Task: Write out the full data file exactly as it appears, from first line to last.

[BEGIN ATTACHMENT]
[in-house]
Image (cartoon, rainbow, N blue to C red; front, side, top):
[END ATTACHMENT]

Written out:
[in-house]
Image (cartoon, rainbow, N blue to C red; front, side, top):